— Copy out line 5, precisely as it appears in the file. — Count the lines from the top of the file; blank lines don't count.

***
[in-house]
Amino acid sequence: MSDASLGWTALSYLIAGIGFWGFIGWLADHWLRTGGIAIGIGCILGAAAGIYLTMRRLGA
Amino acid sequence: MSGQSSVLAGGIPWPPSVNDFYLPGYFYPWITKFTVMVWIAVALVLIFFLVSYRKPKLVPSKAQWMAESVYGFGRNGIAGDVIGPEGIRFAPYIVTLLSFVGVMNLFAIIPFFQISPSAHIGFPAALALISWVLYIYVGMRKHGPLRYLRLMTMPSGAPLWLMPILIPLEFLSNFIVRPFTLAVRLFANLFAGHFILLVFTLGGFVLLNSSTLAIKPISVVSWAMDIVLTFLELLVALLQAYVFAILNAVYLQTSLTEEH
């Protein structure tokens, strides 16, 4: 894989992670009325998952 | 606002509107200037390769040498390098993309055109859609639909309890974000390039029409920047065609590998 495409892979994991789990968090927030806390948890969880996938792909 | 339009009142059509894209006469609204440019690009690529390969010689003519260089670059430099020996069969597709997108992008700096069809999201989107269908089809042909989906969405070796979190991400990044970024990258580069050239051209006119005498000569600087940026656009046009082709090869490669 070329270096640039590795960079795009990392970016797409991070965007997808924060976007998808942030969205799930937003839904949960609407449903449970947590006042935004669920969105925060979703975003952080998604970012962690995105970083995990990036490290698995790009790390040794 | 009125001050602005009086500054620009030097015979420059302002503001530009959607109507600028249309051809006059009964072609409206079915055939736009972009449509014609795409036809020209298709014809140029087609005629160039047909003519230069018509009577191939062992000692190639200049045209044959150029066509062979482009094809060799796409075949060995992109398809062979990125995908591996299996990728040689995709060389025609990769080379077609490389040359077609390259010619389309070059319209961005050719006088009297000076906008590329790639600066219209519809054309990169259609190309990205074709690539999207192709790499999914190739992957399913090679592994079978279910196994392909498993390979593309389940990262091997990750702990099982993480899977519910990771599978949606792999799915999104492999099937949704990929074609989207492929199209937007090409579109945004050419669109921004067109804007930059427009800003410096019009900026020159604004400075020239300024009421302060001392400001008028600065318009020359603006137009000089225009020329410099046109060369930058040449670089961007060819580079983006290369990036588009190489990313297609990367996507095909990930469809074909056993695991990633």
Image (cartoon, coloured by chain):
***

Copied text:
Image (cartoon, coloured by chain):